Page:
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How to Start a Business Email (Steps, Examples, Tips)

How to start a formal email

How you start a business email is incredibly important.

Your subject line, salutation, and opening line need to be just right. Otherwise, the recipient may decide to ignore your message or stop reading after the first sentence.

But don’t worry.

In this article, I’ll explain how to start a business email and how to format its beginning. Then, I’ll provide six examples and templates you could use. I’ll also discuss five things you should check before sending out a business email.

Finally, I’ll highlight the best way to send business emails to multiple recipients.

Further Reading:

This Article Contains:

(Click on links to jump to specific sections)

Let’s jump right in.

How to Start Your Business Email

There are three essential elements you should include at the start of every business email.

They are the:

You must pay attention to how you craft these elements to ensure that your emails succeed.

To help you out, I’ll go over how to write each element, including examples of which ones to use and which to avoid.

A. Subject Lines

Around 47% of email recipients open an email based on the subject line alone. After all, your business email subject line is the first thing your audience sees.

What does this mean for you?
Your subject line has to be perfect.

Let’s take a look at several subject lines you can use as well as a few you should steer clear of.

5 Subject Lines to Use in Your Business Emails

Here are five subject lines that can increase the chances of your email being opened:

1. Interested in [Your Offering], [Recipient’s Name]?

A subject line that mentions your offering alongside the recipient’s name is likely to be effective.

This subject line offers a quick peek at what you can offer, making it easier for the recipient to see how your email is beneficial. Besides, personalized subject lines have proven to boost email open rates by 50%.

2. Five Minutes for a Quick Call, [Recipient’s Name]?

This subject line works because it speaks directly to the recipient and gets straight to the point.

Your reader will appreciate that you personalized the email by mentioning their name and that you respect their time enough not to beat around the bush.

3. [Mutual Contact] Said We Should Connect

Another good strategy when writing a subject line is to mention a mutual contact.

Mentioning a mutual connection can pique the recipient’s interest and establish some level of trust.

4. [Recipient’s Industry] Has a Real Problem — Here’s the Solution!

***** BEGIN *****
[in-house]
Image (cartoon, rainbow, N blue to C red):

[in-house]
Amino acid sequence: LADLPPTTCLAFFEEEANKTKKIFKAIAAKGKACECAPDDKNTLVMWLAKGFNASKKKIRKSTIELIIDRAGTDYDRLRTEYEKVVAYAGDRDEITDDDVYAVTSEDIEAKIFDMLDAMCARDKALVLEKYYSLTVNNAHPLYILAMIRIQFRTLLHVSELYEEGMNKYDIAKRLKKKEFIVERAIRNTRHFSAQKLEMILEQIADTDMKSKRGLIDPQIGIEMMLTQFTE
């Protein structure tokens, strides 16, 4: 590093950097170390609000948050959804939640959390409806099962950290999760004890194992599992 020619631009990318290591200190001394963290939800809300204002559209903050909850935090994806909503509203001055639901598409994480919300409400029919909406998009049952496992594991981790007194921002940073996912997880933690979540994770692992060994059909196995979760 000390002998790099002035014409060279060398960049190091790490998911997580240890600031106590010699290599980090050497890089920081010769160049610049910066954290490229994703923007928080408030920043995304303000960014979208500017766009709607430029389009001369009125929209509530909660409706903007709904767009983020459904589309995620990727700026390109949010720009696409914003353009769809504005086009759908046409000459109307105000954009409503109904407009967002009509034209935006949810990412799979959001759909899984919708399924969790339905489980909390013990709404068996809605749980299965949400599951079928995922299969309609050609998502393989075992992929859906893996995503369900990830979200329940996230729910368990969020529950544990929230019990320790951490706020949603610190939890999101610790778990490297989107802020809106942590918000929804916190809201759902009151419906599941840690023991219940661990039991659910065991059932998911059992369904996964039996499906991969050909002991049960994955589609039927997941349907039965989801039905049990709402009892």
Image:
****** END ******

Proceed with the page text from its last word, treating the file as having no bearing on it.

Email subject lines personalized based on the recipient’s industry are likely to elicit responses.

Such a subject line works because it promises a solution that’s relevant to the recipient’s industry. As a result, the recipient becomes intrigued and has more incentive to open your email.

5. 5 Days to the [Niche] Conference

This subject line reminds the recipient that an event you’re organizing is right around the corner.

Moreover, it creates a sense of urgency, pushing the recipient to open your email — subject lines conveying urgency are 22% more likely to be opened.

Now that you’ve seen some subject lines that work, I’ll cover a few that you shouldn’t use.

3 Subject Lines to Avoid in Your Business Emails

Here are three subject lines you should avoid in your business email messages:

1. One Time Free Email Offer

This combination of phrases is one of the worst you could use as a business email subject line.

Because it sounds spammy and too good to be true.

Moreover, this email subject line may trigger the recipient’s spam filter, sending your email to the spam folder. As a general rule, avoid any subject lines or phrases that sound like clickbait, as these could trigger the spam filter.

Discover why your emails go to spam and how to solve it.

2. Important

Although it’s advised to keep subject lines short, it’s unwise to use one-word subject lines.

One-word subject lines can be perceived as lazy and unprofessional. Besides, such subject lines may not provide any context for your email, so the recipient has no incentive to open it.

3. $$$

Like one-word subject lines, a subject line that contains only symbols won’t encourage recipients to open the email because such a subject line offers no context.

Additionally, spammers have used this subject line way too often. As a result, recipients aren’t likely to believe your email is legit. Instead, they’ll probably take one look and flag your business email as spam.

In short, stay away from subject lines that can damage your sender reputation and decrease the deliverability of any future email marketing campaign.

Need more help with crafting effective subject lines?
Check out my article on 43 cold email subject lines that get your emails opened for additional information

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Once you’ve crafted the perfect subject line, you’ll need to choose the ideal greeting. I’ll now go over some of the best and worst email greetings to use.

B. Salutations